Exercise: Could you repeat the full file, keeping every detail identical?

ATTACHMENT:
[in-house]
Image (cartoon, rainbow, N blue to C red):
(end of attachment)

[in-house]
Image (cartoon, rainbow, N blue to C red):